Baudelaire's theme, or one of them. Of which my favourite poem is his sonnet "The Passerby," a classic anecdote about the person whose eye you catch in some public place, the person with whom you feel an immediate rapport, but whom you will never see again. In his case, and most often, in poetry, it is a man who sees a woman, This can be updated, not just the woman who sees the man, but any potential friendlover. When there is no erotic ping is perhaps the most moving: you have a sense of connecting with some other. It could be a dog you are about to euthanise...

But I was thinking about something else when I got onto this. How, when I walk down the Bd St Germain, among the crowds, I always find myself zigzagging to avoid the people walking against me. Why don't they zigzag, I think resentfully, why always me? So when they come on, I stop, I force them to flow around me.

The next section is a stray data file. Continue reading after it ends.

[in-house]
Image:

But I have discovered the secret of walking in Paris crowds (does this happen in NYC, in London?): no one makes eye contact, but if you keep walking, at the last moment, everyone twitches their shoulder slightly, so that you pass without touching, though you feel the slight change in airflow.

I could compare this to crossing the street. In California, mostly the cars slow well before the crosswalk, if you are waiting to cross. Here, the cars stop--at the last possible second, and sometimes you need to look like you are going to walk right out in front of them: they aren't going to hit you, but if you have a heart attack, that's ok.